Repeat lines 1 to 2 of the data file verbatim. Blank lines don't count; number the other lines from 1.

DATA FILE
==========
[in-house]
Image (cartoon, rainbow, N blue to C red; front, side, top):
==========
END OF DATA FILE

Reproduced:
[in-house]
Image (cartoon, rainbow, N blue to C red; front, side, top):